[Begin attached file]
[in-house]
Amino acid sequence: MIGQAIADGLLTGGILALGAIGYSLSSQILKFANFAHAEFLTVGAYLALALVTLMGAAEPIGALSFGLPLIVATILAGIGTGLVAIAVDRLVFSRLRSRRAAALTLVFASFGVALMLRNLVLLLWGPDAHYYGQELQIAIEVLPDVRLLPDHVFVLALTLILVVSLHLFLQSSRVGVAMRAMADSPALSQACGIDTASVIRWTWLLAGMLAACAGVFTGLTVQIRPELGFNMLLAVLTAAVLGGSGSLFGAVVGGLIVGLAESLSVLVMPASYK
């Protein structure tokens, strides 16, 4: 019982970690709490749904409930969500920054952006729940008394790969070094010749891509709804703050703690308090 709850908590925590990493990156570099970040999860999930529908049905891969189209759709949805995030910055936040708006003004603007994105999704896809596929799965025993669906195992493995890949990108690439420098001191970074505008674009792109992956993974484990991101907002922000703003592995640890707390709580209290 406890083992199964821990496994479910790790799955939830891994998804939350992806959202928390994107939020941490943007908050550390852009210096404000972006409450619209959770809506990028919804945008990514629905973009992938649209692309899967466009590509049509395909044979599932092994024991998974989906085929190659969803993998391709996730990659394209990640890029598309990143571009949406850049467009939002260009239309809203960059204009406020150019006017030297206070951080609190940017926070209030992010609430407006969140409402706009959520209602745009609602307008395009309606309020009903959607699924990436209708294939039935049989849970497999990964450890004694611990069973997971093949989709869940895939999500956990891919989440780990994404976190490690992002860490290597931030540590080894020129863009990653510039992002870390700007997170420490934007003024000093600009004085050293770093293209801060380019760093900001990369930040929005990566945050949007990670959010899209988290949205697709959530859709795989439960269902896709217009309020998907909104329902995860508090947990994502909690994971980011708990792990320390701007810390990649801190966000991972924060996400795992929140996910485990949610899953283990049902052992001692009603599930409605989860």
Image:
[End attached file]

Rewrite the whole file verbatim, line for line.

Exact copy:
[in-house]
Amino acid sequence: MIGQAIADGLLTGGILALGAIGYSLSSQILKFANFAHAEFLTVGAYLALALVTLMGAAEPIGALSFGLPLIVATILAGIGTGLVAIAVDRLVFSRLRSRRAAALTLVFASFGVALMLRNLVLLLWGPDAHYYGQELQIAIEVLPDVRLLPDHVFVLALTLILVVSLHLFLQSSRVGVAMRAMADSPALSQACGIDTASVIRWTWLLAGMLAACAGVFTGLTVQIRPELGFNMLLAVLTAAVLGGSGSLFGAVVGGLIVGLAESLSVLVMPASYK
């Protein structure tokens, strides 16, 4: 019982970690709490749904409930969500920054952006729940008394790969070094010749891509709804703050703690308090 709850908590925590990493990156570099970040999860999930529908049905891969189209759709949805995030910055936040708006003004603007994105999704896809596929799965025993669906195992493995890949990108690439420098001191970074505008674009792109992956993974484990991101907002922000703003592995640890707390709580209290 406890083992199964821990496994479910790790799955939830891994998804939350992806959202928390994107939020941490943007908050550390852009210096404000972006409450619209959770809506990028919804945008990514629905973009992938649209692309899967466009590509049509395909044979599932092994024991998974989906085929190659969803993998391709996730990659394209990640890029598309990143571009949406850049467009939002260009239309809203960059204009406020150019006017030297206070951080609190940017926070209030992010609430407006969140409402706009959520209602745009609602307008395009309606309020009903959607699924990436209708294939039935049989849970497999990964450890004694611990069973997971093949989709869940895939999500956990891919989440780990994404976190490690992002860490290597931030540590080894020129863009990653510039992002870390700007997170420490934007003024000093600009004085050293770093293209801060380019760093900001990369930040929005990566945050949007990670959010899209988290949205697709959530859709795989439960269902896709217009309020998907909104329902995860508090947990994502909690994971980011708990792990320390701007810390990649801190966000991972924060996400795992929140996910485990949610899953283990049902052992001692009603599930409605989860």
Image: